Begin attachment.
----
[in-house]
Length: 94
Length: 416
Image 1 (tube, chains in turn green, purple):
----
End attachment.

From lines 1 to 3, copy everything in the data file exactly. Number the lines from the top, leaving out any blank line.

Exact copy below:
[in-house]
Length: 94
Length: 416